Mineral Nutrients: From Macro-Level to Ultra Trace
Minerals are nutrients are essential for human function, much like vitamins. The minerals represent about 5% of body weight, most of which comes from calcium and phosphorus. The minerals are subdivided into: (1) macrominerals that are present in the body in an amount >0.01% of weight and where >100 mg/day is needed from the diet and (2) microminerals or trace elements which are present in the body in an amount of ≤0.01% of weight and required dietary intake is <15 mg/day. Studies of total parenteral nutrition (TPN) have determined the essentiality of ultra-trace minerals, where daily dietary requirements are in micrograms. Exact requirements have not been established for all of the minerals.
All minerals, except heme iron, are absorbed in the ionic state. Therefore, minerals that remain bound to organic molecules (chelated) or remain as inorganic complexes after digestion usually are not biologically available. Some minerals may be absorbed better in a chelated form when they are bound to an amino acid (e.g., selenomethionine). Most minerals, especially cations, rely on active transport mechanisms to be absorbed. Unabsorbed minerals remain in the intestinal cells; when the intestinal cells die and slough off, the minerals they contained are excreted. This may be a protective mechanism to prevent toxicity from excessive absorption.
Bioavailability refers to the proportion of a mineral that can be absorbed after its digestion and before its use in tissues and cells. Factors that can reduce bioavailability include the formation of soaps (e.g., calcium and magnesium binding to free fatty acids in the intestinal lumen due to fat malabsorption) and from precipitation when one of a pair of ions (e.g., calcium, which combines with phosphates) is present in the lumen in high concentrations. Mineral–mineral interactions, such as excess zinc intake that reduces copper absorption, can also reduce bioavailability.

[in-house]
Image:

Many organic molecules in foods can either inhibit or enhance absorption. Examples of inhibitors include the binding of calcium and other divalent cations by phytates and oxalates. Enhancers include ascorbate for nonheme iron or the hemoglobin protein for iron. Vegetarians tend to consume foods with higher quantities of inhibiting factors, but they also typically ingest more ascorbic acid, which is an enhancer. Other factors that affect mineral bioavailability include gastric acidity, homeostatic adaptations, and stress, which can alter gastrointestinal function. Certain minerals have low bioavailability from foods (e.g., iron, chromium), whereas others have high bioavailability (e.g., sodium, potassium, chloride, iodide, fluoride). Table 26.1 provides an overview of the minerals according to their functions, food sources, recommended levels of intake to support health, deficiency and toxicity symptoms, as well as population groups that may be at risk of deficiency.
KeywordsMinerals Electrolytes Dietary supplements Bioavailability
- 6.Institute of Medicine, Food and Nutrition Board. Dietary reference intakes for water, potassium, sodium, chloride and sulfate. Washington: National Academy Press; 2003.Google Scholar
- 8.Reddy MB, Hurrell RF, Cook JD. Meat consumption in a varied diet marginally influences nonheme iron absorption in normal individuals. J Nutr. 2006;136:576–81.Google Scholar
- 11.Di Matola T, Zeppa P, Gasperi M, Vitale M. Thyroid dysfunction following a kelp-containing marketed diet. BMJ Case Rep. 2014;2014. doi:10.1136/bcr-2014-206330.Google Scholar
Suggested Further Reading
- Berdanier CD, Berdanier LA. Advanced nutrition: macronutrients, micronutrients, and metabolism. 2nd ed. Paperback. Boca Raton: CRC Press; 2015.Google Scholar
- Harris ED. Minerals in food: nutrition, metabolism, bioactivity. Lancaster: DEStech Publications; 2014.Google Scholar
- Higdon J, Drake VJ. An evidence-based approach to vitamins and minerals: health benefits and intake recommendations. Stuttgart: Thieme; 2012.Google Scholar
- Open University. Nutrition: vitamins and minerals. Free from Amazon as a Kindle Edition. Milton Keynes: The Open University.Google Scholar